While I type these words on my laptop at a hawker centre, I can’t help but notice the uncles looking over from the next table. They are not the only ones. Passersby stare curiously, including the cleaner who slows down whenever she pushes her trolley by.
Maybe it’s how my sleek laptop stands out from the gaudy mustard table. Or how I had casually plonked this shiny aluminum slab on a plastic surface stained by kopi and teh. As the only customer using a laptop in the hawker centre, I stand out like a sore thumb. My back certainly feels that way from sitting on the stiff stool.
It is the simplest of features found on many food packaging. A tear, a jagged edge, or a perforated line—a godsend to anyone who has struggled to open a packet of chips. These designs conveniently replace the need for brute force, and are considerate gestures from food manufacturers that have thought carefully about how we eat.
Eating, or the journey that food takes to get into our mouths (and even within our bodies), is a logistical issue many of us take for granted. This global movement of crops and livestock, from a farm through a processing facility, to a market, into a kitchen, on a dining table, and finally, entering as food inside our stomachs, is one facilitated by design at every turn. We don’t have to travel far to see examples: start with the plate, spoon, and fork, on the dining table, the most ubiquitous tools the world eats with today. They stand in for our bare hands and function in ways we cannot. Plates divide food into portions, spoons let us sip hot soup, while forks help us pick out the tiniest of ingredients.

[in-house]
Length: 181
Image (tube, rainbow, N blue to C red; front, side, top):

Commissioned for the inaugural FoodCine.ma 2016, this showcase presents 15 objects, speculative designs and installations that arise out of observations of how design facilitates the ways we eat together in Singapore. Whether it is consuming forever “fresh” food, having meals at our hawker centres, dining in both life and death, or eating with digital devices, we invite visitors to look at eating beyond a mere ingestion of food, but as a consumption of values and cultures.